By | March 23, 2012

John put out a video on "Should I charge for my Workshops?".  Here's the link if you are interested in viewing it:

A follow up message from John that you may also be interested in reading


A Heartbreaking E-Mail (Video Follow-Up)

Well, yesterday's video on 'Should I Charge For Workshops?' struck a nerve with many of you. I received a lot of e-mails from stamping business owners who agreed with the points in the video… and some from those who disagreed.

I do think there was some confusion, though, as to the type of event I was specifically talking about in the video. For that reason, I've re-recorded the video to make it more clear. You can view the revised video in the post below.

Among the e-mails I received yesterday was this one. It really breaks my heart when I get e-mails like this, because I think these situations are so unnecessary. I'm sharing it with you as a cautionary tale, and I'll speak about it more at the end:

Dear John,

Even though I ceased to be a (stamping business owner) a few months ago, I stayed on your email list because I like the content you provide. I hope you don't mind.

When I saw your video on whether or not you should charge for workshops, I felt compelled to write and share my story. I don't mind if you share it with others, but please remove my name.

I signed up to be a (stamping business owner) several months ago because I needed to make money. I was laid off a few months earlier, and didn't have much left in my bank account.

Once I got my starter kit, I started calling my friends to see if they would do a workshop. I was surprised by the fact that all of them said no.

When I spoke to my upline about this, she told me I shouldn't call it a workshop. Instead, I should call it a 'private class.' When I asked her what the difference was, she said there was none. Except that I should charge everyone $7 and offer to give the money back if they place an order.

When I asked if there should be a minimum amount on the order so I'm not making less than $7 (which I thought was pretty low to begin with) in commissions, she said that wasn't the point.

I asked her if the hostess should tell the people she invites they can get the fee waived, and she said no. She said that if they know they're going to be sold to, they won't come.

I felt very uneasy about this because I thought I wasn't being honest with my future customers. I also wasn't happy to hear my upline say that people wouldn't buy product if they knew that was what they were coming for. When I shared these feelings with her, she said 'all of the top Demonstrators are doing it and if I wanted to be successful, this was what I had to do.'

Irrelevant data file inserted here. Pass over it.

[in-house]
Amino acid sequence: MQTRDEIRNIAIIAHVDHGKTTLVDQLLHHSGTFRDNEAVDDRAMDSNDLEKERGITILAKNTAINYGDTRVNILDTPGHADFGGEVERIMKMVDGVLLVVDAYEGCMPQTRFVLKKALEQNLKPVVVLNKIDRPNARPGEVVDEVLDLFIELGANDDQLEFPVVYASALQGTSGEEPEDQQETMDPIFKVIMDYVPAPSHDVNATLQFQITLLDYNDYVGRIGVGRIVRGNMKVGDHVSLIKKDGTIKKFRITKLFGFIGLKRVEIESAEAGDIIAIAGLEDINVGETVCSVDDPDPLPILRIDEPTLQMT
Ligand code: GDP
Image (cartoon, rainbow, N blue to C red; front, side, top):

John, I'm sorry to say I didn't listen to my gut and went ahead and did it. It was a disaster. When I started passing out catalogs and talking about buying product at the end of the 'class' you could feel the mood in the room change. It felt awful. I felt awful. The people who were there were not happy. A few people did actually buy products, but I've never seen unhappier customers in my life.

I was so upset, I never did anything with my business again. I thought I'd confront my upline when she called, but she never did. Even after I went into pending.

Please let your readers know if they're going to do an event like this to be up front about the fact you're going to pass out catalogs and sell product at the end.

John, I know you're probably taking a lot of c**p from people today for your video, but I think you're spot on with your message and it needs to be said. If I saw this video earlier, I may still be a (stamping business owner).


(name removed)

I wanted you all to read this because I think it's important to understand what can happen when ideas are left unchecked and unregulated. Even ideas that may start out as good ones with the best of intentions are often tweaked and adjusted until they're a shadow of their former selves.

And as upline, it's important to think about the ideas you share with your downline, and the messages those ideas send them.

Finally, to (name removed), my message is this: you should sign up again!

I know you had a bad experience, but I think it was an isolated one. Maybe you need to find an upline who shares the same ideas you do, but I can tell you as someone who's been working with stamping business owners for over 12 years, there's never been a better time to start your own stamping business!

There's more potential now, and you have more tools at your disposal, than ever before! I hope you reconsider, because I think this can still be a tremendous opportunity for you.

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